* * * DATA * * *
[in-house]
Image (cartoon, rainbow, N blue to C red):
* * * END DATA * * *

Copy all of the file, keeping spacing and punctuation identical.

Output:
[in-house]
Image (cartoon, rainbow, N blue to C red):